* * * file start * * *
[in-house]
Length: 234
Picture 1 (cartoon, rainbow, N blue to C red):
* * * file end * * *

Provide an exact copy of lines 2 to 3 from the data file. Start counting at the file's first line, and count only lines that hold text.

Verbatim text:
Length: 234
Picture 1 (cartoon, rainbow, N blue to C red):